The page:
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CONCERN OVER LEVELS OF
LEAD IN CHILDREN

In 1998, the federal Centers for Disease Control and Prevention (CDCP) in Atlanta issued a report saying that only 4.4% of American children between the ages of 1 and 5 have the toxic metal lead in their blood at "levels of health concern," which CDCP defines as concentrations of 10 micrograms of lead per deciliter of blood (10 ug/dL) or higher. A microgram is a millionth of a gram and there are 28 grams in an ounce; a deciliter is a tenth of a liter and a liter is about a quart. The reporting period was 1991-1994.

Although 4.4% sounds like a small percentage, it represents 890,000 individual children whose intellectual capacity is being permanently diminished by exposure to excessive amounts of lead.

CDCP established 10 ug/dL as the "unsafe" level of lead in blood in 1991. The limit was set at 10 ug/dL not because 10 is a magic number that protects children but because it was the lowest level that could be detected with an inexpensive test, and because, CDCP said, setting the standard lower would burden the country's health-care system.

When it set the official safety level at 10, CDCP acknowledged that something besides pure concern for public health went into the decision. "The recommendations [of 10 ug/dL]... are based mainly on the scientific data showing adverse effects of lead in young children at increasingly lower blood lead levels. They are tempered, however, by practical considerations, for example, of the numbers of children who would require followup and the resources required to prevent this disease," wrote Vernon Houck on behalf of CDCP. In other words, when it set 10 as the "safe" standard, CDCP acknowledged that it was reluctant to set the standard lower because too many children would then qualify for medical help, and too much money would have to be spent removing lead from the environment.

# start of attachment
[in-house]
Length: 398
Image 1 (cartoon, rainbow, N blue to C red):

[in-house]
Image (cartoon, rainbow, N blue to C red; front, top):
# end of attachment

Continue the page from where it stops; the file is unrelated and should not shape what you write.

Numerous studies have now shown that there is no "safe" dose of lead in children's blood. Five years ago the National Research Council (NRC) said, "There is growing evidence that even very small exposures to lead can produce subtle effects in humans. Therefore, there is the possibility that future [safety] guidelines may drop below 10 ug/dL as the mechanisms of lead toxicity become better understood." The NRC offered evidence that lead at 5 ug/dL (half the official "safe" level) can cause attention deficit in children and in monkeys; reduced birthweight in children; and hearing loss in children.

In 1993 the NRC summarized a series of recent studies, then said, "Those studies support the general conclusion that there is growing evidence that there is no effective threshold for some of the adverse effects of lead." In other words, in 1993 there was good evidence that there is no safe level of lead.

According to careful measurements of human bones, pre-Columbian inhabitants of North America had average blood lead levels of 0.016 ug/dL -- 625 times as low as the 10 ug/dL now established as "safe" for children. On the face of it, it seems unlikely that levels of a potent nerve poison 625 times as high as natural background --or even 300 times as high as natural background -- can be "safe" for children.

The CDCP's 1998 study reported that the average (geometric mean) concentration of lead in all 20 million American children between the ages of 1 and 5 was 2.7 ug/dL, or 43 times as high as natural background